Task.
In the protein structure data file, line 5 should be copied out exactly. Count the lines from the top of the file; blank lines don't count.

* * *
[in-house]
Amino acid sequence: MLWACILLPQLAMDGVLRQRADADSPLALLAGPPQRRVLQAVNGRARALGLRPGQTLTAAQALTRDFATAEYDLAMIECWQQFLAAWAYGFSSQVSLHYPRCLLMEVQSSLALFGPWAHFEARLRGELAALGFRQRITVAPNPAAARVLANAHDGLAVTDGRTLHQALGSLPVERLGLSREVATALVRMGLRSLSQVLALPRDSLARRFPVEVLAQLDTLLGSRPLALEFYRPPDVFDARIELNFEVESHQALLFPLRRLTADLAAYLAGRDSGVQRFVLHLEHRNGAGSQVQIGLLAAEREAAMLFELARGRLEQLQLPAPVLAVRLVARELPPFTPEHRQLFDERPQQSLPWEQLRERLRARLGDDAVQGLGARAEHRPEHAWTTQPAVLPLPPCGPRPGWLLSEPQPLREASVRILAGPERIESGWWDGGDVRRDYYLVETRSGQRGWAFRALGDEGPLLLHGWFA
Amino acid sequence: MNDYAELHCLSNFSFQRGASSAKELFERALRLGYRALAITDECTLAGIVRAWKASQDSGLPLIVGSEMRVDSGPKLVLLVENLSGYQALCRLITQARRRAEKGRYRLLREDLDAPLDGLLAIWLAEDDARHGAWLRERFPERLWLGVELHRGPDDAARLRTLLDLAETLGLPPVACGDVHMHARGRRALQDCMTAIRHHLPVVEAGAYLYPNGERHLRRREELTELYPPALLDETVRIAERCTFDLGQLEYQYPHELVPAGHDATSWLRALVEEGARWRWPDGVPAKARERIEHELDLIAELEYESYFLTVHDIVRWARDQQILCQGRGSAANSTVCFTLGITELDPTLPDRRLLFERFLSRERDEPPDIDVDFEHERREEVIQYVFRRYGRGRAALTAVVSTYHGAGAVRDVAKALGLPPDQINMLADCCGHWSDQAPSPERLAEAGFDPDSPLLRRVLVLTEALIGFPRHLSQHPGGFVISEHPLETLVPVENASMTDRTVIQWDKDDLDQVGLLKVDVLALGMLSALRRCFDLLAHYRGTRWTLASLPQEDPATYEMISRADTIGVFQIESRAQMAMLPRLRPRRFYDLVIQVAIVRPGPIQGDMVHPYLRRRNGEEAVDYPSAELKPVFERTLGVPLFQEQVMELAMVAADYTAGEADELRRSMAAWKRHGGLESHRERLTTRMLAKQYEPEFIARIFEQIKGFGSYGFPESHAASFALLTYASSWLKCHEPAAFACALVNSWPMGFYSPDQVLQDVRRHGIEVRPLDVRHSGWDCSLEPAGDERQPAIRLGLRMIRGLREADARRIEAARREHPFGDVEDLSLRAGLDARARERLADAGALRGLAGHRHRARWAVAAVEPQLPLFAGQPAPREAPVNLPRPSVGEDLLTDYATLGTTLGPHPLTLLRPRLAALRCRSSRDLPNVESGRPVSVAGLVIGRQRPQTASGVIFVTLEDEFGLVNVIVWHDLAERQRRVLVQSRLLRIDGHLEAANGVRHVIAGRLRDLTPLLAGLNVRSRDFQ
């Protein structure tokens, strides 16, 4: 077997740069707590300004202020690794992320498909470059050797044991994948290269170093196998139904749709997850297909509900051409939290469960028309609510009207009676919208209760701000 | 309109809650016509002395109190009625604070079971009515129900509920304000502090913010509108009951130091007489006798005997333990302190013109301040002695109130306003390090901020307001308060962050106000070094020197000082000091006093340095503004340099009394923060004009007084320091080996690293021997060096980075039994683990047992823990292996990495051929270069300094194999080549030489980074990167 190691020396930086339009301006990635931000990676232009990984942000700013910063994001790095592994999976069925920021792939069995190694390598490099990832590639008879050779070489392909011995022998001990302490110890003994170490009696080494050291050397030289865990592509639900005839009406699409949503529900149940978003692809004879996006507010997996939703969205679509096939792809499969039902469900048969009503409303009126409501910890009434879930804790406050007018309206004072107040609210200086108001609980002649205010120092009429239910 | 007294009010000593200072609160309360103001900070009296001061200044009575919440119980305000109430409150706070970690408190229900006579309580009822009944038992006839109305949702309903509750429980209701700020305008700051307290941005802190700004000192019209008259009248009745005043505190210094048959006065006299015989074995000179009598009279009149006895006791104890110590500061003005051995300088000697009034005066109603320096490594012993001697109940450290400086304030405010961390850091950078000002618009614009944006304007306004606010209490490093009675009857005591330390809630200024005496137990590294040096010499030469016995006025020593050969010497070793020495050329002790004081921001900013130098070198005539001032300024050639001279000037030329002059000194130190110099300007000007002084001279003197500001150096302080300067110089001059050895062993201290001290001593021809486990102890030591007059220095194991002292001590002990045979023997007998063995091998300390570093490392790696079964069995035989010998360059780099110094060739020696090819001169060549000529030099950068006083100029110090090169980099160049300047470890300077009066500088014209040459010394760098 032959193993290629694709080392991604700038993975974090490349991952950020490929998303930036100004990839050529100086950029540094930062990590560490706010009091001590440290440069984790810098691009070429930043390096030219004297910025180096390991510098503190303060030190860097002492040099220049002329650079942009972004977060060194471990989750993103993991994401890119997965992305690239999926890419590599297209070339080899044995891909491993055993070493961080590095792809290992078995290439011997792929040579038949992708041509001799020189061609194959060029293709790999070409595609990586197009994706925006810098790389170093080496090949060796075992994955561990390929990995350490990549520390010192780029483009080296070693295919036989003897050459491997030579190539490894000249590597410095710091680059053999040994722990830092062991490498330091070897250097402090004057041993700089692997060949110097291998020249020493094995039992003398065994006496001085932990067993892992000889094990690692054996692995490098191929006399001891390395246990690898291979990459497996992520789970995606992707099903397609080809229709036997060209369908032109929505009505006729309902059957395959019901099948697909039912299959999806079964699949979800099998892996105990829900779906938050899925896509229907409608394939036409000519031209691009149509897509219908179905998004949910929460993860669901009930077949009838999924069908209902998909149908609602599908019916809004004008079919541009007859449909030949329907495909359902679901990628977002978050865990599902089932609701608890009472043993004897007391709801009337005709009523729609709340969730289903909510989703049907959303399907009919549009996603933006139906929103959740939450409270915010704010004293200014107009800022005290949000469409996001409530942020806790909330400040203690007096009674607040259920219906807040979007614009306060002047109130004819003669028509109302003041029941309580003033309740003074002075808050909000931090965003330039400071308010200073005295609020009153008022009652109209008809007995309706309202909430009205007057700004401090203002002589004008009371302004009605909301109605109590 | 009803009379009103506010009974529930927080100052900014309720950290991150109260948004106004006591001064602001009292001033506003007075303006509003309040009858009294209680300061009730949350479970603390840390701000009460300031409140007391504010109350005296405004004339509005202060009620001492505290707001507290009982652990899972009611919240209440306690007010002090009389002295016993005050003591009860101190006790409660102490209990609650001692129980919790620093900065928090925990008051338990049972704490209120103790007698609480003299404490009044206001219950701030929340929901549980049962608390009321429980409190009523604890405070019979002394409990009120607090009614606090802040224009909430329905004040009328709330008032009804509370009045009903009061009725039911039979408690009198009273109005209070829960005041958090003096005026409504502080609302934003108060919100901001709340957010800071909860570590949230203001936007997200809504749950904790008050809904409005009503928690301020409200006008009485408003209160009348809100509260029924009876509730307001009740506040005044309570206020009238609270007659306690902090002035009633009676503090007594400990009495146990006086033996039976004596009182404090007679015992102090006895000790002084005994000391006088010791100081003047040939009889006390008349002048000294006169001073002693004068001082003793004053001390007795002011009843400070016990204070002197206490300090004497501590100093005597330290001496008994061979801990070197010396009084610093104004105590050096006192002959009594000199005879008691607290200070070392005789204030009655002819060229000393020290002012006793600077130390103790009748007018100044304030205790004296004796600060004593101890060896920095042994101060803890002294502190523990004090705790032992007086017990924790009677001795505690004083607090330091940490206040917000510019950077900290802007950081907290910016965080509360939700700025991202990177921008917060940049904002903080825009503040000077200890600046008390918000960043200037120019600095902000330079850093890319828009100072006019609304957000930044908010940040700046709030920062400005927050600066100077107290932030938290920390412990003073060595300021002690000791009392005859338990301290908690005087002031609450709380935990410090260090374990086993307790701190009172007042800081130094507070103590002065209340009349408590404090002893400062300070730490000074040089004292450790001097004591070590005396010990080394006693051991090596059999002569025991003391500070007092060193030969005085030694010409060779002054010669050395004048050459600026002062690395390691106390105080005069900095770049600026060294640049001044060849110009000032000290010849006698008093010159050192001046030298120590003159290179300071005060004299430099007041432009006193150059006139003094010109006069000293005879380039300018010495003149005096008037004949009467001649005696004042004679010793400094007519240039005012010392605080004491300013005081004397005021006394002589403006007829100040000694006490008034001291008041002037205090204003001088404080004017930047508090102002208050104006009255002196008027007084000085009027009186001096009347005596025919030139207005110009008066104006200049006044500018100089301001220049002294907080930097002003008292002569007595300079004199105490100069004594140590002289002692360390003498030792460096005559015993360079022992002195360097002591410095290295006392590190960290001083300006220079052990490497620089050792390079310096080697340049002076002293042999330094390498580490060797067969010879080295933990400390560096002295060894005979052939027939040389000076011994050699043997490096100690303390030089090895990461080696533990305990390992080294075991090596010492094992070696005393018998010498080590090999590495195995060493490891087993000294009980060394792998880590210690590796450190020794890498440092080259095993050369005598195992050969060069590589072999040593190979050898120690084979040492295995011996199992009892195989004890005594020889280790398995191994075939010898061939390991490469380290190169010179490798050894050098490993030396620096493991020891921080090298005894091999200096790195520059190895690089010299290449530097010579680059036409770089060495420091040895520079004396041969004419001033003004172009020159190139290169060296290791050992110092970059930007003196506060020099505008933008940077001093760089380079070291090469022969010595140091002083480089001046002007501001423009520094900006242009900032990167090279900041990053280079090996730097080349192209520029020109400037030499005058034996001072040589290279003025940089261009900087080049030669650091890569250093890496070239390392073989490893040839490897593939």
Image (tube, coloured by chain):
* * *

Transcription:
Image (tube, coloured by chain):